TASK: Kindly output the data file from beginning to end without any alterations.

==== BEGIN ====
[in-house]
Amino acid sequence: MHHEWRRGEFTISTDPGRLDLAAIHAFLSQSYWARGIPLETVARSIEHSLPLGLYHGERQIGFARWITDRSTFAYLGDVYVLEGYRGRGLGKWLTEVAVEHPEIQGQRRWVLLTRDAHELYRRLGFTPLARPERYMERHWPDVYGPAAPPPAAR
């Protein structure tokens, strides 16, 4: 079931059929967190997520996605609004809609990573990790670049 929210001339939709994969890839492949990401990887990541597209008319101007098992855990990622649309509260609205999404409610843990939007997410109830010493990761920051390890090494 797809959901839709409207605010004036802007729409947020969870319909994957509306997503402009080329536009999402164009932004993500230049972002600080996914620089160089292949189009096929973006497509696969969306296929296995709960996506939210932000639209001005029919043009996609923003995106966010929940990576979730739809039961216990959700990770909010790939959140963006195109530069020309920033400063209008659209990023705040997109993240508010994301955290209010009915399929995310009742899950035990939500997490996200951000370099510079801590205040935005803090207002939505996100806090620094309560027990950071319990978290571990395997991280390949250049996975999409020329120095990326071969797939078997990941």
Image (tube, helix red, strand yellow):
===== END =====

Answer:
[in-house]
Amino acid sequence: MHHEWRRGEFTISTDPGRLDLAAIHAFLSQSYWARGIPLETVARSIEHSLPLGLYHGERQIGFARWITDRSTFAYLGDVYVLEGYRGRGLGKWLTEVAVEHPEIQGQRRWVLLTRDAHELYRRLGFTPLARPERYMERHWPDVYGPAAPPPAAR
């Protein structure tokens, strides 16, 4: 079931059929967190997520996605609004809609990573990790670049 929210001339939709994969890839492949990401990887990541597209008319101007098992855990990622649309509260609205999404409610843990939007997410109830010493990761920051390890090494 797809959901839709409207605010004036802007729409947020969870319909994957509306997503402009080329536009999402164009932004993500230049972002600080996914620089160089292949189009096929973006497509696969969306296929296995709960996506939210932000639209001005029919043009996609923003995106966010929940990576979730739809039961216990959700990770909010790939959140963006195109530069020309920033400063209008659209990023705040997109993240508010994301955290209010009915399929995310009742899950035990939500997490996200951000370099510079801590205040935005803090207002939505996100806090620094309560027990950071319990978290571990395997991280390949250049996975999409020329120095990326071969797939078997990941």
Image (tube, helix red, strand yellow):